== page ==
I'm going to ask what I'm sure will be considered a stupid question. Does anyone get pleasure from the writing they do? Or, put differently: does anyone enjoy writing? I'm being facetious of course, because I have to assume that some people who regularly write like to write, but you might not think that based on the time you spend with writers, either face to face or on social media. By what often seems a wide margin, writers in varying ways discuss how hard writing is, how draining it is, how they dread doing it, how they have to give up doing fun things in life in order to carve out the time they need to do the writing they need to do. Now I'm not denigrating or mocking anyone in how they regard writing and what they say about doing it. And there is no doubt that writing is difficult. But it just surprises me how rarely, when you think about it, people just outright say they really enjoy the act the writing.
I should add that I'm talking in particular here about writers who don't solely write for a living. If you're writing for a living, that's your profession, obviously and like any profession, pleasure may or may not come into it, though I certainly hope, for the writer's sake, it does. But the fact is, most writers I know have full time jobs and do their writing "on the side". The "on the side" part of their life may be more important to them than the side that pays their bills and helps keep them and any family they have fed and with a place to live, but nevertheless, in reality, it's still essentially on the side. At least it is for most writers. I've always found the concept of a "day job" amusing since again, for most writers, that silly "day job" is the place you spend way more of your waking existence than you do at a laptop writing.
So on an average day, after a day at work, or before work (for those who write early), isn't writing the most enjoyable part? That time to yourself, to go into your head, your imagination, and chip away at whatever you're working on and the rest of the world, all outside concerns, be damned. With fiction specifically, it's dreaming while awake, and not much beats that. Writing can be maddening and frustrating and leave you feeling in the depths of hopelessness and despair, but is there anything unique to writing about this? Nearly any activity you take seriously and give your all to can lead you to feel this way, just like any activity you want to excel at is going to be hard because of the demands you make on yourself. Damn, when I played a lot of tennis, as I used to, I could feel close to suicidal (I exaggerate just slightly) if I played a bad match or lost a very close one. So what! Playing tennis was still the best part of most days, and the same is true for writing.
The author Will Self puts it well, so I'll wrap this up by quoting him here (though we have to overlook his references to outmoded forms of writing equipment):
"I gain nothing but pleasure from writing fiction...Frankly, if I didn't enjoy writing novels I wouldn't do it - the world hardly needs any more and I can think of numerous more useful things someone with my skills could be engaged in. As it is, the immersion in parallel but believable worlds satisfies all my demands for vicarious experience, voyeurism, and philosophic calisthenics. I even enjoy the mechanics of writing, the dull timpani of the typewriter keys, the making of notes - many notes - and most seductive of all: the buying of stationery. That the transmogrification of my beautiful thoughts into a grossly imperfect prose is always the end result doesn't faze me: all novels are only a version - there is no Platonic ideal. But I'd go further still: fiction is my way of thinking about and relating to the world; if I don't write I'm not engaged in any praxis and lose all purchase."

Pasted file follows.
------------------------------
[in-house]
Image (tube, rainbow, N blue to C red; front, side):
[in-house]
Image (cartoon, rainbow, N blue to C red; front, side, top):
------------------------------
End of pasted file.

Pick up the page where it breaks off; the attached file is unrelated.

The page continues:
I don't think of writing as difficult as much as being a pain in the ass. The time spent getting certain things just right that no one but me, and maybe an editor, will ever notice or care about. That said, there are few more rewarding feelings than having written, and nothing cooler than getting positive feedback. I enjoy the process when things are going well and I can see where this is going, but that’s not anything like a daily occurrence. Most days it’s getting the words in and making sure they at least don’t suck, which can be, and often is, a pain in the ass.
Can't argue with anything you say there, Dana. But I do have to say that more often than not (not every single day, admittedly) I do derive a pretty decent measure of enjoyment from the actual process. All that wrestling with the words to get them at least not to suck is a kind of pleasure in itself - almost like building something physical from scratch and seeing it form in front of your eyes.
I agree ... I had a blast writing a baseball play turned novel which was destroyed by my wife (she's a very good editor and doesn't pull punches). "I don't like it." Even when she listed aaaaaaalllllllll the reasons why, I didn't mind. It was fun writing the thing and I'll probably turn it into a short story or novella, but that'll be fun too. It has to wait because I started another novel while waiting for her to finish her read. I'm a lot more patient these days ... so even when the words suck (as that one turned out), it can be fun.
Post a Comment